Lauren Kirshner’s Where We Have To Go is the story of Lucy, a Jewish girl growing up in the wilds of Toronto, who adores cats and aliens from the planet Melmac. Over the course of the novel she grows from a gangly and unsure eleven-year-old to, well, a gangly and perhaps only slightly more sure eighteen-year-old.
But the evolution is a remarkable and unique one that somehow manages to flow through well-worn grooves like eating disorders and mean-girl mentalities and sexual discovery without feeling stale, or rote. Zoe Whittall, reviewing the book for The Globe and Mail observed that: “Kirshner tempers any potential for melodrama with an expert eye for specific detail and the curt, cruel dialogue of teen girls hell-bent on destroying each other despite their abject loneliness.” I agree, and I wish this book was getting a wider audience in America, where, like a lot of Canadian writing that isn’t bylined by Munro or Atwood or Ondaatje, it’s made a rather quiet debut.
As I was reading it I kept thinking: it’s so strange how I feel like I never read novels like this. Obviously there’s a long tradition of writing about female adolescence, but it isn’t usually treated in the way Kirshner handles it: as something worthy not just of public discussion, but of a literary treatment. So I decided to email Lauren some questions about that, and other things, and she was gracious enough to answer them.
I have left all the “u”s in our spelling because they belong there and Americans don’t know how to write properly, I think. (Just kidding, though only sort of.)
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The Rumpus: One of the things I liked best about this book was that it hovered in this liminal place between YA fiction and literary fiction for “adults.” There’s a tendency to relegate all books about adolescent women to the former category, somehow delegitimizing those stories in the process, and I liked that the book resisted it, somehow. Was that deliberate, or am I misreading? Do you even think there’s a firm line between the genres?
Lauren Kirshner: I wrote Where We Have to Go as adult fiction, but genre considerations never took up much space in my imagination as I wrote – I was just more absorbed by entering my narrator Lucy’s world and finding the right voice to do that with.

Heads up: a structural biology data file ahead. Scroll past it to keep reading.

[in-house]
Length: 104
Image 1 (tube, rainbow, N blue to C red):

It’s interesting that you say the novel hovers in a liminal space between YA and adult fiction. Did you find that because of the voice or the subject matter? If it’s the voice, there’s a reason why: it’s a coming of age novel that spans eight years of a girl’s life. It’s told retrospectively, from when Lucy’s 19. Some readers have commented that they can hear Lucy’s voice changing — ageing — as the novel progresses. I’m glad when I hear that. I wanted readers to hear her attitude and emotional life developing through her voice.
I grew up reading novels with strong female first person narrators, and my influences come from both “YA” and adult fiction. I don’t think there’s a firm line between the genres, at least for readers. As a 13 year old kid in Toronto who basically lived at the public library, I remember reading omnivorously between the YA and adult sections. The only separation between the two genres was literally the staircase that ran up the centre of the library, splitting YA and adult — but I’ve never been one to abide categories so much. I’d go home with Judy Blume, Sylvia Plath, Beverly Cleary, Alice Munro, Grace Paley, Margaret Atwood, and some racy teen titles thrown in there about drugs, and sex, etc (those shiny early 1990s pocketbooks with the hunky guy/blonde girl cover art). I take the same approach to writing as I do to reading: I let the story lead, not the genre it might fit within.
I’d be curious to know: how do you think the book resisted being YA? Was it the style? Or the ways in which I deal with certain subject matters? There are certainly sections that don’t shy from explicit exploration of sexuality and anorexia…
Rumpus: The resistance I saw was mainly in your control of language, I think, which is perhaps what other people are detecting in the evolution of the voice, too. Young adult tends to be either sloppy about language, or very — for lack of a better term — dumbed-down. Simplified for what is perceived as a simpler audience.
Kirshner: As I wrote I definitely was conscious of not “trying” to sound like a teenager— I don’t think that would’ve worked for the book at all, and the last thing I would’ve wanted was for the story to get lost in my mid-20s contrivance of what a 12-18 year old girl sounds like. Voice is really interesting thing with a coming-of-age-story, very tricky. My favourite coming of age novels are told in a retrospective tone, yet dip down into the cadence and language of youth at pivotal moments. Take a memoir like Tobias Wolff’s This Boy’s Life — one of my favourites. The language is precise, luminous, the story driven clearly and boldly — and yet at times we drop into his young mind, his attitude on the world, and we feel right there beside him.